A better solution would be a two-stage national popular election.  In the first (primary) election, voters would cast approval ballots for any and all candidates that they found acceptable.  In the second (general) election, voters would rank-order their preferences  among the surviving candidates.

During the first stage, the ballot could be very long, as minimal rules could be established to qualify for listing on a single “primary” ballot, administered nationally rather than by the two parties in various states.  A wide variety of parties (the Republicans, the Democrats, the Libertarians,  the Greens, the America Firsters, the Tea Partiers, the Democratic Socialists, etc.) could organize and nominate whoever they wanted by whatever process they adopted,  and others who wanted to run but were not nominees of a party could organize and compete as well.  In this round, voters would cast an “approval ballot” in which they checked all acceptable candidates. The four or five candidates who were most approved would then participate in debates – presumably more civil and enlightening than those we have witnessed this year – prior to the general election.

In the second stage or general election, voters would rank-order those candidates who survived the first round and participated in the debates.   Voters could rank their genuine preferences above those who they might accept but did not really prefer.   If no candidate was the first choice of the majority of voters, the least popular nominees would be dropped and the lower-ranked preferences of their supporters would have their votes transferred instantly by computers programed to transfer votes to their most preferred remaining nominee until someone achieved a majority.  For example, if Johnson were your preferred candidate, but he came in third or forth in the initial tabulation of votes, your vote (along with the votes of other supporters of candidates getting lower initial support) would be transferred to your second (or perhaps third) choice. By this method, the winning candidate would acquire a majority and thus have a greater claim to legitimacy than a candidate getting a mere plurality. A candidate who had greater disapproval than approval ratings would have no chance of being selected, as voters need only rank-order those candidates acceptable to them.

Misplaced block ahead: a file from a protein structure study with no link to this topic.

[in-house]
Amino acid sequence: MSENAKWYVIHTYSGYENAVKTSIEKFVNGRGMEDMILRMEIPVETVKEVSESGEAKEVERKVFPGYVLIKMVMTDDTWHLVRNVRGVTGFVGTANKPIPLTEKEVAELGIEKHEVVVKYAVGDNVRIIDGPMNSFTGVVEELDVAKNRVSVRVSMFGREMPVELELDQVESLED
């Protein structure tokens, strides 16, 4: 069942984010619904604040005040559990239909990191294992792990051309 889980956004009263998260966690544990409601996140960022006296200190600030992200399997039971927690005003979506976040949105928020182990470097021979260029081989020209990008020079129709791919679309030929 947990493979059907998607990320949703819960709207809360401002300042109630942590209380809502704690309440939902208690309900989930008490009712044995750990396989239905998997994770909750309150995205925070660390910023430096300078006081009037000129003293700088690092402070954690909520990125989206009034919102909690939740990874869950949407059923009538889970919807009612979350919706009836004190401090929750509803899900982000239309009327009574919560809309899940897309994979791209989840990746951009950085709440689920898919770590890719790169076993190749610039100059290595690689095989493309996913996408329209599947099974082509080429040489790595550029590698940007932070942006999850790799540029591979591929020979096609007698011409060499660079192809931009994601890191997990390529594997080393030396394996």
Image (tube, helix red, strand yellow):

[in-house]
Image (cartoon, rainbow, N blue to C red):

Such a reform would require a constitutional amendment. Most incumbent Republicans and Democrats would oppose this method, because it would subject them to more competition. But it’s a reform that could have a great deal of public support.  The candidacies of Trump, Cruz, and Sanders have revealed widespread voter frustration and anger with the dysfunction of our two-party system. And moderate Democrats and Republicans now have good reasons to fear that their parties are being taken over by ideological radicals. The ranked-choice system would give parties and candidates incentives to run for office and act in office in ways that are acceptable to the principles and preferences of most voters, and it would give voters an opportunity to express their sincere preferences.

Although it’s too late for this electoral cycle, we ought to begin thinking about reforms that address the serious problems with both our primary and general elections.  An extended public conversation involving both experts in electoral systems and voters fed up with the current system could well lead to consensus on selecting the president using approval ballots in primary and rank-order voting in the general elections.